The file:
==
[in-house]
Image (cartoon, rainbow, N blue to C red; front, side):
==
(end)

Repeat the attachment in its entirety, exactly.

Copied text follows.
[in-house]
Image (cartoon, rainbow, N blue to C red; front, side):